When we first decided to purchase a trailer-sailer, we looked at a whole range of boats, none of which seemed to quite match our list of requirements, though a few came close. But what was clear, was that an inspection was definitely necessary, no matter what the advert said!  The first boat we saw was a hood (strange looking boat) and I was disappointed to see that the boat was very different from the photos in the ad! The seller must have used some old photos, because the boat was very much worse for wear. The weird shape was one thing, but the soft roof and peeling paint was quite another. As was the need to completely remove the heavy hatch covers before being able to raise the mast. Needless to say, we didn’t buy.

Settling on something around the 18-20 foot range, we saw a Sonata 7, A Sunmaid 20 (nice boat – but too heavy for our liking), a Castle, a Careel 18. We instantly liked the Careel as it had a more or less flat bottom and could be launched in shallow-ish water. This was going to be important as we live not far from Berowra Waters, gateway to the Hawkesbury and Pittwater, and would launch there more frequently than other sites. But this was a Mark 1, with no sliding hatch, (an important feature on our list), plus the trailer was unbraked, which I think is illegal on NSW roads. The sails also looked a bit old and tired, but they can always be replaced. Getting the hatch re-done would be less simple. So, we said no to this one also.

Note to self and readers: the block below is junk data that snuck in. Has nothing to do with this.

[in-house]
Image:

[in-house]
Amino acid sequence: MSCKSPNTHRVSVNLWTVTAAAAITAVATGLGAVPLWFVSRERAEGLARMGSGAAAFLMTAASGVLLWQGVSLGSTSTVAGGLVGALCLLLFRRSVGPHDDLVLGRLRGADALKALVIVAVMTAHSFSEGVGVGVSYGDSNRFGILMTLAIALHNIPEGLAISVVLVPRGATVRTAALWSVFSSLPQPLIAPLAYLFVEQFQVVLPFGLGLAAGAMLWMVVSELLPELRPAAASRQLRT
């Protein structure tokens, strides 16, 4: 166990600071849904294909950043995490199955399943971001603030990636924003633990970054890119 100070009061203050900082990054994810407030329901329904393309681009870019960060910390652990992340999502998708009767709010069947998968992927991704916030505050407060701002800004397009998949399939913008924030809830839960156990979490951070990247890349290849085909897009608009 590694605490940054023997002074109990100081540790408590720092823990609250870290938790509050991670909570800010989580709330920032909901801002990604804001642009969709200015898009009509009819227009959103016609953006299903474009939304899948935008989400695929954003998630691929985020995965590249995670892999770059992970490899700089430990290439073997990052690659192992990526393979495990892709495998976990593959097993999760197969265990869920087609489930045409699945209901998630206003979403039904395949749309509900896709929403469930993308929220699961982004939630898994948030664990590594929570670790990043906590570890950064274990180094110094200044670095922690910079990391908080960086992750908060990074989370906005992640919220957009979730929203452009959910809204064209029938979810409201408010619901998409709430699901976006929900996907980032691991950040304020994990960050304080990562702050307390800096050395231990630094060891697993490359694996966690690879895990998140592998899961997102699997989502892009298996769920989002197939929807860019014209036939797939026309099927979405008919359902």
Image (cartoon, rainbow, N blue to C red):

Then we saw another one. Despite it having not been used much, it was declared as ‘ready to sail’, just needing a little ‘tlc’ – ‘a little cleaning’ the lady said. Well, that’s a laugh. The owner must never have sailed. When algae and lichen are growing over the boat, there’s a small pond inside the cabin, and some of the fittings are so corroded that they can’t even move, that’s not, in my humble opinion, ‘ready to sail’!! And she was asking over $8,000. Tell her she’s dreaming!

Needless to say, the search continued…

Investigator club day